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Things not to say to a Sound Engineer

Things not to say to a Sound Engineer

As much time as you spend in your rehearsal space perfecting your sound, it won’t mean anything if it’s botched coming out of the PA. All the money you spent on new pedals, amps, guitars and strings doesn’t matter if the mix is off in the club.

Not having your own Instrument Cable

Always bring in your own cables. 80% of the cables in venues are the ones either people leave behind or are nights away from being stolen. Most venues do not keep cables because musicians would often walk away with it. Or even if you get one in the venue, what if the cable has a short in it and cuts out in the middle of your set? Be in control of your situation and bring your own cables that actually work.

Know how your knobs and pedals work

Learn to use your gear. Those knobs and buttons on your pedals affect the signals that are being sent to the Sound Engineer. If you don’t know how it works, learn it. Unless you create a bypass for your rig, learning is the only way. It is mind-boggling for the Sound Engineer to help you figure out what does one knob or button does. He already has to manage so many buttons at the Sound Console, please don’t try to add to the count.

Vocal Effect Processors

The most important thing to understand about vocal processors and wireless mics are that you are potentially compromising the signal of the most important instrument in the band by putting a foreign element in the chain. Sometimes vocal processors have EQs or compressors of their own inside the patches that can squash the signal or change the curve. It’s best to bypass those and allow the truest signal pass through. Depending on the engineer and the system, it may sound better using the typical house effects.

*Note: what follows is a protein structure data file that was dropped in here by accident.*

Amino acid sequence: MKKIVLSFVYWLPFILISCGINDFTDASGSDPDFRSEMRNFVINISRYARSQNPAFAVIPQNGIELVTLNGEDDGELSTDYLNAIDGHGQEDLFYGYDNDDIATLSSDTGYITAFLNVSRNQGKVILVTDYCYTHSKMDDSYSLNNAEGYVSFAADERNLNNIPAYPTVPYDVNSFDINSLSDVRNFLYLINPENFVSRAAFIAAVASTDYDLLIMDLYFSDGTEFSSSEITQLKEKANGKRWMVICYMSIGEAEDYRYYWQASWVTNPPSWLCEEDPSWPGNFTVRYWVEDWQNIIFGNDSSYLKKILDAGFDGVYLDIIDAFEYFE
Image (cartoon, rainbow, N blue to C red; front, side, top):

Not Knowing How To Play To The Room

One of the biggest culprits of bad sound is when a musician or band doesn’t know how to play to the room.

Especially in smaller venues, you have to realize that, in order for the engineer to get a good mix, he needs to have control of being able to turn things up or down.  If the drums, bass or guitar amp is too loud on stage, the engineer will have to turn everything else up in order to get the right mix.  Many times, that would mean that the entire mix will be way too loud for the room to feel comfortable.

Loud Band, Quiet Singer

Most people complain that they cannot hear the vocalist admist the backing sound track.  When you think about it and realize how crazy that is, it’s easy to blame the one person that appears to be in control of the mix, the sound engineer. If you have Aretha Franklin as your singer, you can be about as loud as you want and she’ll sing over the band.  However, if your singer has a quieter voice (and, by the way, that’s the instrument delivering the song lyrics – kind of important), the band needs to know how to play so the singer can give their best performance.  Otherwise, it loses personality and is, sometimes, just yelling.  The band needs to support the singer and the song at all costs.